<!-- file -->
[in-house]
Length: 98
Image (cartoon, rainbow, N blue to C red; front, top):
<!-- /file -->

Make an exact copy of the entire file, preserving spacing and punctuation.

[in-house]
Length: 98
Image (cartoon, rainbow, N blue to C red; front, top):